the prime power and rectifier supply power to the inverter, and also charge the battery which is
floated on the direct current bus and kept fully charged. The inverter converts power from direct
to alternating current for use by the critical loads. The inverter governs the characteristics of the
alternating current output, and any voltage or frequency fluctuations or transients present on the
utility power system are completely isolated from the critical load. When momentary or
prolonged loss of power occurs, the battery will supply sufficient power to the inverter to
maintain its output for a specified time until the battery has discharged to a predetermined
minimum voltage. Upon restoration of the prime power, the rectifier section will again resume
feeding power to the inverter and will simultaneously recharge the battery.
(b) The nonredundant UPS system reliability can be improved by installing a static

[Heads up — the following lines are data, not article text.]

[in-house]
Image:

switch and bypass parallel with the UPS as shown in Figure 1-17. When an inverter fault is
sensed, the critical load can be transferred to the bypass circuit in less than 5 milliseconds. The
static bypass adds about 20 percent to the cost of a nonredundant system, but is much more
(c) In the redundant UPS system shown in Figure 1-18, each half of the system has a
rating equal to the full critical load requirements. The basic power elements (rectifier, inverter,
and interrupter) are duplicated, but it is usually not necessary to duplicate the battery since it is
duplicated. The static interrupters isolate the faulty inverter from the critical bus and prevent the
initial failure from starting a chain reaction which might cause the remaining inverter to fail.
The static bypass switch can also be applied to the redundant system.